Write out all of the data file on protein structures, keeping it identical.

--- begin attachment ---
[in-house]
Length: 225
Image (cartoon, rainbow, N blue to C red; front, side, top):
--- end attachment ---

[in-house]
Length: 225
Image (cartoon, rainbow, N blue to C red; front, side, top):